Nov 2018, Jupiter Quartet, Krannert Center for the Performing Arts, Urbana, US
Live Recording from the World Premiere, The Kairos Quartett
Oct 3 2020, Villa Elisabeth, Berlin, Germany
I. Quaerendo Invenietis II. The Thorn of the Sung Rose
Excerpt from III-2. Cavatina: "that the Lord will show to my dead eyes"
Second Excerpt from III-2. Cavatina: "that the Lord will show to my dead eyes"
III-3. Coda: "Masks, Agonies, Resurrections"
Awards and supports:
the Theodore Presser Foundation Award in Music, 2019
Arts Council Korea – Selected for an International Exchange Program Funding in Music 2019
in cooperation with Kultur Büro Elisabeth
Ministry of Science, Research and Culture of the Land Brandenburg
Premiere: Kairos Quartett, Oct 3 2020, Villa Elisabeth, Berlin, Germany
“The Thorn of the Sung Rose”
- June 2019, Mivos Quartet, June in Buffalo, Buffalo, New York, US
- Nov 2018, Jupiter Quartet, Krannert Center for the Performing Arts, Urbana, US
“That the Lord will show to my dead eyes” (sketch version)
- July 2018, ConTempo String Quartet, ICSS 2018, Conservatory of Music and Drama, Dublin, Ireland
Duration: ca. 45 minutes
“So the Nightingale pressed closer against the thorn, and the thorn touched her heart, and a fierce pang of pain shot through her. Bitter, bitter was the pain, and wilder and wilder grew her song, for she sang of the Love that is perfected by Death, of the Love that dies not in the tomb. And the marvelous rose became crimson, like the rose of the eastern sky. Crimson was the girdle of petals, and crimson as a ruby was the heart.
… Then she gave one last burst of music. The white Moon heard it, and she forgot the dawn, and lingered on in the sky. The red rose heard it, and it trembled all over with ecstasy, and opened its petals to the cold morning air. Echo bore it to her purple cavern in the hills, and woke the sleeping shepherds from their dreams. It floated through the reeds of the river, and they carried its message to the sea.”
Oscar Wilde, “The Nightingale and the rose,”
in The Happy Prince and Other Tales (1888).
Unending Rose is my modest prayer, gift and homage à Saint Mary, my own version of the Holy Rosary: a musical rose, made up with pure, pristine, and unprecedented sounds. For this I devised a program which explores unknown consonance scales and harmonies from different tuning systems. Here the word ‘consonance’ hews closer to its original meaning in counterpoint–the harmonious ratios between voices (punctus contra punctum), but expanded and developed with the help of technology. I wanted to navigate a myriad of multivalent tuning systems, scales, and most of all, harmonies. My goal is to manifest the nature of this material and let the harmonies shimmer by writing a piece for string quartet for a most precise intonation.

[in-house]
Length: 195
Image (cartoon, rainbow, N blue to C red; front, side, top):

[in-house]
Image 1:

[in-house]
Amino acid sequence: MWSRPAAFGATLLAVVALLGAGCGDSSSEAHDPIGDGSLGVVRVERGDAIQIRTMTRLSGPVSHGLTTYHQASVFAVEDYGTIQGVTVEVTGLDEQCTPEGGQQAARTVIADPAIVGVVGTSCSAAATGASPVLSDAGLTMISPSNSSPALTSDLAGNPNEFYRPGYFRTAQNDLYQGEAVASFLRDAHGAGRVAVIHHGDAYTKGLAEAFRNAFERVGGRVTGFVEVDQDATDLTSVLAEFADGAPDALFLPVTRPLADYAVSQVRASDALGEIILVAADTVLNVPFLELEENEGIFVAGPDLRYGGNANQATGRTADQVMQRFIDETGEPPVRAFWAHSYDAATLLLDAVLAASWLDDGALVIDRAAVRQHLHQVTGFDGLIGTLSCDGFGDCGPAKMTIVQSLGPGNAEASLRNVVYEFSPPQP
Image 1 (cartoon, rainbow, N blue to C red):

To create an artwork with this otherworldly quality, for the first movement, “Quaerendo Invenietis,” I imagined a parallel world in which music is unlike our Western art music (à la Ligeti’s imaginary childhood world, Kylwiria), and established a short musicological history of an epic age: the birth of scale, melody, harmony, and musical drama. The second movement, “The Thorn of the Sung Rose” (from To the Nightingale), is a poetic musical sculpture of concise shapes, in which the musical materials are more celestial (even higher ratios between 16 to 32) and pure (deviation values within 3 cents, 3/100 of a half step from pure ratios), since the thorn denotes not only the agony of crucifixion, but also a pathway towards love and infinity (e.g. the symbolism of Nigredo, or the love-death theme of the nightingale in the Philomela myth, Persian fairytale, and Oscar Wilde's short story). The third, fourth, and fifth movements, “3–1. Ricercar,” “3–2. Cavatina: that the Lord will show to my dead eyes,” and “3–3. Coda: Masks, Agonies, Resurrections” respectively, form the second part of work and were completed in November 2019 and revised in 2021 after the world premiere.
Related to the microtonal American traditions by Harry Partch and Ben Johnston, this harmonic material is intertwined with a wealth of complex rhythms, some of them derived from traditional sources such as the Aksak, and melodic structures from earlier Western chamber music. The five-part structure of its own logic, the internal references, and the transcendental meaning of Unending Rose has a total duration of about 45 minutes. The title is from Borges’s poem cycle, The Unending Rose, which gave me ceaseless inspiration.